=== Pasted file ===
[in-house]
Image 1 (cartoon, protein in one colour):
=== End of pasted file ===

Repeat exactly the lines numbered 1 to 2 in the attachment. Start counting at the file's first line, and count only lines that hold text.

[in-house]
Image 1 (cartoon, protein in one colour):